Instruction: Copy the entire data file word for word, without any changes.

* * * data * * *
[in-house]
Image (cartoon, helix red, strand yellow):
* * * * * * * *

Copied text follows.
[in-house]
Image (cartoon, helix red, strand yellow):